So it’s been a long while since I posted anything to this blog. And I am sorry about that.


Part of the reason for having not said anything was depression. That insidious old dog was all around and it took a while to chase the old bugger off. Another part of the reason was I didn’t feel like I had anything to contribute; I was just going about my business and doing my thing, taking each day as it came and trying to keep on keeping on. A further reason was demoralisation. Whilst the DBS surgery was a fantastic success and I have physical control over my body again, the non-motor symptoms of Parkinson’s have become more and more debilitating. I just couldn’t see how any current scientific advances were going to help me and to be honest that left me feeling pretty hopeless, and terribly terribly sad for my dear wife and children.

Hopeless means the absence of hope. This was a new emotion for me. I don’t think I’d ever experienced anything like that before. As much as I thought I understood what that meant, I really didn’t. The emptiness, the futility, the despair. I began to appreciate why religion appeals to people, although it doesn’t to me. Having hope that life will be better, in any number of small ways, is what drives us forward. Hope – that your day at the office will be more productive than yesterday, hope – that your commute will be less stressful than previously, hope – that your finances improve, hope – that the sun will come out for a while today, hope – that today will be less painful than yesterday. These are all things that make us get up, grab the day by the horns and get into it. But when you are without hope, that is a very very dark place. You can see why faith in a higher power would be attractive, if only for something to cling to, to get you moving ahead, that your current despair will improve.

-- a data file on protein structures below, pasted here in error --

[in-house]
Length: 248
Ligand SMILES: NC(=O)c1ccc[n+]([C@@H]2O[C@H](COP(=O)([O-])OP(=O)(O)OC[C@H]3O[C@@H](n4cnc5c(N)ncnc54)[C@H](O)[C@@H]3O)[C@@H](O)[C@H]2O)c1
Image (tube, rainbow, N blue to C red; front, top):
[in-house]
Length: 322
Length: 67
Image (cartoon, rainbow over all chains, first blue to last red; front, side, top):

In the absence of such faith, I began to carefully think about this. Was I really without hope? I soon came to the conclusion that I was not. I realised that you have to find hope, your reason to get up and fight for each day, in the things that matter most to you. I see my family and hope for many many more years together. I see my amazing wife and hope for a long future of laughter and friendship, love, romance and mutual support together. I see my friends and hope for a future where they are a part of our lives.

I want to see my daughter go to her school ball. I want to teach my son to fish. These are but two of my many hopes and dreams. It is these things which give me hope. The courage to get up, no matter how painful, injest that boatload of medicine and wobble my way to the kitchen for coffee, stumble to a chair to read the news, and start another day.


7 Responses to “Hope”
  1. California Yopp says:

    Hello AJ,
    I’m a yoppi ( young onset Parkinson’s patient individual) living in California, USA. Thank you for sharing your DBS video with the world. It gives hope to thoses of us that are trying to decide if the risk is worth the potential reward. In my case, I have chosen that it is. My first surgery procedure is Wednesday April 22nd. I’m having bilateral STN DBS.